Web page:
LeBron James needed almost 12 full minutes before scoring his first points. He missed 10 of his first 13 shots. He wore a wrap on his knee and put on a display that won't be remembered for offensive brilliance.
But what he did Sunday night in Game 2 of the NBA Finals was unforgettable.
At least, what he did in a 38-second span of Game 2 was unforgettable.
A sensational block on a dunk try. An assist to set up a 3-pointer. A deflection, a runout and then a slam of his own, twisting on the rim and waving his arms for good measure as the Miami Heat celebrated. The best player in the game saved his best for last, sealing what became a blowout win for the Heat, 103-84 over the San Antonio Spurs to knot the NBA Finals at a game apiece.
Game 3 is Tuesday night in San Antonio.
"LeBron couldn't get into a rhythm early on and other guys stepped up," Heat coach Erik Spoelstra said. "He showed great poise and trust in not getting caught up in feeling like he had to make 'the play' or score, but rather he would facilitate or let other guys make plays. And that's what they did."
When the Heat lose games, they typically respond by blowing out their next opponent, and this one was no different. Contributions came from everywhere — Mario Chalmers scored 19 points, Ray Allen added 13, Chris Bosh had 12 points and 10 rebounds and Dwyane Wade finished with 10 points.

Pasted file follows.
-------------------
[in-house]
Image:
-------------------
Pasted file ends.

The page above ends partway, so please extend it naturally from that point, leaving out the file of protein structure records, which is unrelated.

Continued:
The Heat were balanced, efficient and rode a huge 19-2 edge in points off turnovers. And for three quarters, James was far from his usually offensively dominant self, yet controlled play in other ways.
"He played solid basketball," Spurs coach Gregg Popovich said. "He played good D. He took what was available, read the defense, involved his teammates. He did a fine job."
In the fourth quarter, he just found another level.
This game's signature sequence was turned in by James starting with about 8½ minutes left in the fourth quarter. Tiago Splitter took a pass from Tony Parker and tried to dunk on the league's reigning MVP, which was the mistake James needed someone to make.
He blocked Splitter's dunk at the rim, standing behind the play as the building started to roar.
James said he had one thought: "Just make a play."
He wound up doing far more than that, of course.
"A lot of players wouldn't go for that," Spoelstra said. "The risk-reward, they weigh that right away and the possibility of getting dunked on and being on highlight films. He's been on that highlight film both ways. It takes great courage to go up and make one of those plays."
When James rejoined the play, he found Allen for a 3-pointer that gave the Heat a 22-point lead. On the next possession, he got his hand on the ball for a deflection that led to a turnover, and Mike Miller rewarded him with an over-the-head pass down the floor.
James was all alone, went up for a slam as he faced the Heat bench, then spun around before landing in the other direction. The Spurs emptied their bench not long afterward.
"LeBron is unbelievable," Parker said.